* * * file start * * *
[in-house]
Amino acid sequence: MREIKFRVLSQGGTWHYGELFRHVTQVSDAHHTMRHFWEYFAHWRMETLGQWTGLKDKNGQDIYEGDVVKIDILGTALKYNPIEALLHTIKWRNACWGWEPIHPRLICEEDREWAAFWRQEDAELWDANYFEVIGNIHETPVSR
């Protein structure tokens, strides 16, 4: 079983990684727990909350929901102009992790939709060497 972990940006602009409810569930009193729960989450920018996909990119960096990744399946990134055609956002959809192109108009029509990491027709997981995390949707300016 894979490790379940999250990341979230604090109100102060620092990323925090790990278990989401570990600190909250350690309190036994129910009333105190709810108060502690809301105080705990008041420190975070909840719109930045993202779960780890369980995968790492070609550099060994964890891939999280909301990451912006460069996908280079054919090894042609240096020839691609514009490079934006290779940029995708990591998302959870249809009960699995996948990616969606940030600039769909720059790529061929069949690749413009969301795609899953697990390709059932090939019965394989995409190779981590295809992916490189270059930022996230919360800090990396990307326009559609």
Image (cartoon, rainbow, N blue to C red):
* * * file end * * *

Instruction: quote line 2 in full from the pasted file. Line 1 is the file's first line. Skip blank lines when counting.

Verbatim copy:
Amino acid sequence: MREIKFRVLSQGGTWHYGELFRHVTQVSDAHHTMRHFWEYFAHWRMETLGQWTGLKDKNGQDIYEGDVVKIDILGTALKYNPIEALLHTIKWRNACWGWEPIHPRLICEEDREWAAFWRQEDAELWDANYFEVIGNIHETPVSR